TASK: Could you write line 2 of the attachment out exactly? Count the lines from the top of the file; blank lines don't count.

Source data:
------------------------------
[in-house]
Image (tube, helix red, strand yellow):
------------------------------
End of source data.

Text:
Image (tube, helix red, strand yellow):